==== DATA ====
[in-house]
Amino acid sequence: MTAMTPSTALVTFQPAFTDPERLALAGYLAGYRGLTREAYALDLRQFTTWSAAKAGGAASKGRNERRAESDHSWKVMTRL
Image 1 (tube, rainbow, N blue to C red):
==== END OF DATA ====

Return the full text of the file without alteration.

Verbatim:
[in-house]
Amino acid sequence: MTAMTPSTALVTFQPAFTDPERLALAGYLAGYRGLTREAYALDLRQFTTWSAAKAGGAASKGRNERRAESDHSWKVMTRL
Image 1 (tube, rainbow, N blue to C red):